They were destined to trouble in those days.
It was to be expected. I
wonder how we would do under such persecution today.
a Christian in Paul's day was a real commitment to Jesus.
One had to really count the cost, as Jesus Himself said we
should. This tells me that a
quick trip to the altar or a brief "repeat after me prayer"
does not necessarily constitute one's salvation.
As a matter of fact, an emotional plea in this sense of the word
should be out of the question. We
should think seriously about becoming a Christian.
No decision should be based on emotion, because if it is, once
the emotion leaves, so does the commitment.
This does not mean that once you've made a serious commitment you
might not be emotional, but you might.
It's just that emotion should not influence your decision.
verse 5 Paul says that "he could no longer stand it."
He couldn't bear not knowing how these people were doing. He was
especially worried about how their faith was holding up.
Here we see how concerned he was for these people.
He had great love and compassion for those Jesus had led him to.
This is a mark of a great leader in the Lord.
was concerned about their faith, that is, their trust in Jesus.
Faith is fundamental in being a Christian.
We are saved by faith, that is to say, our trust in Jesus.
We live our lives by faith. Once
again that is our trust in Jesus. Paul
did not want them to give up on this trust they had in Jesus, because
losing your faith means losing your salvation.
verse 5 we see the great apostle Paul expressing a fear.
Yes, the great apostle Paul did have fears.
His fear was that “the tempter (satan) might have tempted them
and that his efforts might have been useless”.
Paul was afraid that they would give into satan’s temptation to
give up. If this was the
case, Paul’s ministry and all the effort he put into it, would be in
vain, would be useless. This
would disturb Paul more than anything.
He being a driven man, hated to do anything for nothing, that is,
do something and have someone else destroy what he has done.
the last number of decades I've heard various Christians rebuking and
binding satan. It is
interesting to me that Paul neither rebuked satan or bound him.
I don't believe it is our place to rebuke or especially bind
satan. Only Jesus will bind
satan for one thousand years when He returns to earth.
We can cast demons out of people, but we can't bind satan.
verse 6 Paul mentions that Timothy had just arrived with good news,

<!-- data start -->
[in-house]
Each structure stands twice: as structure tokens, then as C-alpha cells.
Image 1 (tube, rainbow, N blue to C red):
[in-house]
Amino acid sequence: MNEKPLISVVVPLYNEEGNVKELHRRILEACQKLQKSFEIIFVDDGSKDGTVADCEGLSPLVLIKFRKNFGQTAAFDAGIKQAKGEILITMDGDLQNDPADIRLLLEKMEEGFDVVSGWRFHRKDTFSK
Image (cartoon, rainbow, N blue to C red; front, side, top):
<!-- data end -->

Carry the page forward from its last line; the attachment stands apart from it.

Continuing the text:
which was most likely the occasion for writing this letter.
The good news that Timothy brought was concerning their “faith
and love”. Once again,
Paul often puts faith and love together.
First comes faith, that is, trust in Jesus.
Then comes love, that is, selfless actions that are a result of
true faith. I think that if
you really want to love others, then you need to trust Jesus more.
Love, as defined in Biblical terms does not come natural to us.
The better of a trusting relationship we have with Jesus, the
more we will be able to love as Jesus wants us to love. That's
why Paul always puts "faith" before "love".
of what Timothy told Paul was that these people “always had pleasant
memories” of Paul and his team, even though they were with each other
for a short period of time. Timothy
also mentioned that “they longed to see” Paul again, which was
reciprocal. This just made
Paul feel great, especially in the midst of all the trials he was going
see here Paul's feelings coming forth.
He was a man of great feelings.
I've said this before, but if you read his second letter to the
Corinthians, you will see him wearing his feelings on his sleeve, so to
speak. You see a bit of it
begins verse 7 with the word “therefore",
suggesting a conclusion to what he just said.
He continues to say that "in all of our distress and
persecution we were encouraged about you because of your faith”.
Once again, you see the importance of faith, or trusting Jesus in
the thinking of Paul. You
also see that when people trusted Jesus if would sure lift Paul's
and his companions went through great distress and persecution.
In Acts 9 Jesus told Paul that he was called to suffer for His
sake, and suffer he did. This man who suffered a lot, received a lot